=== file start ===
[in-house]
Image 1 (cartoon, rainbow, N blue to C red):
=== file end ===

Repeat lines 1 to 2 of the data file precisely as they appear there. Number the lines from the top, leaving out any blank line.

[in-house]
Image 1 (cartoon, rainbow, N blue to C red):